Journal Reference:

  1. Mingming Feng, Kevin L. Silverman, Richard P. Mirin, Steven T. Cundiff. Dark pulse quantum dot diode laser. Optics Express, 2010; 18 (13): 13385 DOI: 10.1364/OE.18.013385

Cite This Page:

National Institute of Standards and Technology (NIST). "'Dark Pulse Laser' produces bursts of ... almost nothing." ScienceDaily. ScienceDaily, 11 June 2010. <www.sciencedaily.com/releases/2010/06/100609171804.htm>.
National Institute of Standards and Technology (NIST). (2010, June 11). 'Dark Pulse Laser' produces bursts of ... almost nothing. ScienceDaily. Retrieved October 26, 2014 from www.sciencedaily.com/releases/2010/06/100609171804.htm
National Institute of Standards and Technology (NIST). "'Dark Pulse Laser' produces bursts of ... almost nothing." ScienceDaily. www.sciencedaily.com/releases/2010/06/100609171804.htm (accessed October 26, 2014).

Share This



More Matter & Energy News

Sunday, October 26, 2014

Featured Research

from universities, journals, and other organizations


Featured Videos

from AP, Reuters, AFP, and other news services

IKEA Desk Converts From Standing to Sitting With One Button

IKEA Desk Converts From Standing to Sitting With One Button

Buzz60 (Oct. 24, 2014) IKEA is out with a new convertible desk that can convert from a sitting desk to a standing one with just the push of a button. Jen Markham explains. Video provided by Buzz60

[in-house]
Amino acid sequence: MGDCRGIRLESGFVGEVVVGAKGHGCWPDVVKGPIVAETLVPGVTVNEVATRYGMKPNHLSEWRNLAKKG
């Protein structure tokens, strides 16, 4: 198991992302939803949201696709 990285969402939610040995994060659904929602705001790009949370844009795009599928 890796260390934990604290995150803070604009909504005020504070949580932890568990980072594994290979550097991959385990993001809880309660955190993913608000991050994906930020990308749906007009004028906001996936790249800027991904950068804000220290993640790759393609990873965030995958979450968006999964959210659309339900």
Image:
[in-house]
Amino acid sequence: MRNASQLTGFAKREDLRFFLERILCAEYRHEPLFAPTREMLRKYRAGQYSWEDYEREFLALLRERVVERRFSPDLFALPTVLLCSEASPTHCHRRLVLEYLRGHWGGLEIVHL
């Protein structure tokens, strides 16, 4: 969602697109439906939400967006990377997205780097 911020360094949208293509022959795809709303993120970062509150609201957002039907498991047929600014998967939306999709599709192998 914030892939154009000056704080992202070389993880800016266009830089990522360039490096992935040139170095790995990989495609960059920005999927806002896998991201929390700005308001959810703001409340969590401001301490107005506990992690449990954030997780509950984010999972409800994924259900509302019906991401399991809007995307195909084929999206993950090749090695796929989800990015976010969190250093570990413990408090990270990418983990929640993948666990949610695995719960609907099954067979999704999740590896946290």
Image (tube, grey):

Powered by NewsLook.com
Ebola Protective Suits Being Made in China

Ebola Protective Suits Being Made in China

AFP (Oct. 24, 2014) A factory in China is busy making Ebola protective suits for healthcare workers and others fighting the spread of the virus. Duration: 00:38 Video provided by AFP
Powered by NewsLook.com
Real-Life Transformer Robot Walks, Then Folds Into a Car

Real-Life Transformer Robot Walks, Then Folds Into a Car

Buzz60 (Oct. 24, 2014) Brave Robotics and Asratec teamed with original Transformers toy company Tomy to create a functional 5-foot-tall humanoid robot that can march and fold itself into a 3-foot-long sports car. Jen Markham has the story. Video provided by Buzz60
Powered by NewsLook.com
Police Testing New Gunfire Tracking Technology

Police Testing New Gunfire Tracking Technology

AP (Oct. 24, 2014) A California-based startup has designed new law enforcement technology that aims to automatically alert dispatch when an officer's gun is unholstered and fired. Two law enforcement agencies are currently testing the technology. (Oct. 24) Video provided by AP
Powered by NewsLook.com

Search ScienceDaily

Number of stories in archives: 140,361

Find with keyword(s):
Enter a keyword or phrase to search ScienceDaily for related topics and research stories.

Save/Print:
Share:

Breaking News:

Strange & Offbeat Stories


Space & Time

Matter & Energy

Computers & Math

In Other News

... from NewsDaily.com

Science News

Health News

Environment News

Technology News



Save/Print:
Share:

Free Subscriptions


Get the latest science news with ScienceDaily's free email newsletters, updated daily and weekly. Or view hourly updated newsfeeds in your RSS reader:

Get Social & Mobile


Keep up to date with the latest news from ScienceDaily via social networks and mobile apps:

Have Feedback?


Tell us what you think of ScienceDaily -- we welcome both positive and negative comments. Have any problems using the site? Questions?
Mobile: iPhone Android Web
Follow: Facebook Twitter Google+
Subscribe: RSS Feeds Email Newsletters
Latest Headlines Health & Medicine Mind & Brain Space & Time Matter & Energy Computers & Math Plants & Animals Earth & Climate Fossils & Ruins